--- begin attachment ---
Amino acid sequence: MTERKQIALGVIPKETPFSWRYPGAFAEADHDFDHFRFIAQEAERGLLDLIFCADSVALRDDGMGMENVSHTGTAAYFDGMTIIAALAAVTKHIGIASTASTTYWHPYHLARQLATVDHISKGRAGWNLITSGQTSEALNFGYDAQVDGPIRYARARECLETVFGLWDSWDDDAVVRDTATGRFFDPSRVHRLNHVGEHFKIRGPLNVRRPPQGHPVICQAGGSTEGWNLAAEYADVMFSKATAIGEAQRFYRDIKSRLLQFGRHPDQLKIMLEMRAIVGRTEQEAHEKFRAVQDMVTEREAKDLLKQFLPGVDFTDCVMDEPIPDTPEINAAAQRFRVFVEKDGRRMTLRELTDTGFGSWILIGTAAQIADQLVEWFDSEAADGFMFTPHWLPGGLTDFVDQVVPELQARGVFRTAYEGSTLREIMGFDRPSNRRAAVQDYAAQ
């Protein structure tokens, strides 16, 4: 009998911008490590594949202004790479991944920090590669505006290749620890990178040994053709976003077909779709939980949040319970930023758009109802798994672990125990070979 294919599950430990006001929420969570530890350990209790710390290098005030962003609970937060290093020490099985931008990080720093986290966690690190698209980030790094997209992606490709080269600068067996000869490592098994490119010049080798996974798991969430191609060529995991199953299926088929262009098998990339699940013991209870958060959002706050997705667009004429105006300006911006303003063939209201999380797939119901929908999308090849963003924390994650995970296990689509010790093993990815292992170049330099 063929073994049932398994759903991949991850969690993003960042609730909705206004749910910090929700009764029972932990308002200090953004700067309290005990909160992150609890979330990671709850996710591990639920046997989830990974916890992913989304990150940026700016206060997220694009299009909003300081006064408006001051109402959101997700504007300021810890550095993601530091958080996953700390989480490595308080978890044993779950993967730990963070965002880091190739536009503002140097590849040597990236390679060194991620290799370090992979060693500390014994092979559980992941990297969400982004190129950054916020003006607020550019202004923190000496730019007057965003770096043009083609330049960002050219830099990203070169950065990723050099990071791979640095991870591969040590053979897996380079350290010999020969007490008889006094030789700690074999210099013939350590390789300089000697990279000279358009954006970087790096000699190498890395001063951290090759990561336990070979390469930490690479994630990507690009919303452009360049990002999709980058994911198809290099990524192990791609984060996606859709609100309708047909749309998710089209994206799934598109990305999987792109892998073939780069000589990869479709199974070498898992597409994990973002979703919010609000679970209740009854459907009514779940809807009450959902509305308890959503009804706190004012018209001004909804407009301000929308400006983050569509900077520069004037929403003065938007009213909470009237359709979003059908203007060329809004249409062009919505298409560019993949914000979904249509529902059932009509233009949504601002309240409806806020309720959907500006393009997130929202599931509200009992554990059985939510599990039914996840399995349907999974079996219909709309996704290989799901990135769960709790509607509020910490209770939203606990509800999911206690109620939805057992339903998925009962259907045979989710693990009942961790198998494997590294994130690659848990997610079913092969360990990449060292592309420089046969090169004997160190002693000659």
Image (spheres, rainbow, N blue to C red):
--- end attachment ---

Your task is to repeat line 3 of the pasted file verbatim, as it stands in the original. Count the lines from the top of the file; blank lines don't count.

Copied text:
Image (spheres, rainbow, N blue to C red):